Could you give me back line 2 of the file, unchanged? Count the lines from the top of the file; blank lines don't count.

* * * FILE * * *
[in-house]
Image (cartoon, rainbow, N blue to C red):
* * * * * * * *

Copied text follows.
Image (cartoon, rainbow, N blue to C red):